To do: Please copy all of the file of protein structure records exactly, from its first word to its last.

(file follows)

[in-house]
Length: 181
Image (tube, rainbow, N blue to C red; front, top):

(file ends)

[in-house]
Length: 181
Image (tube, rainbow, N blue to C red; front, top):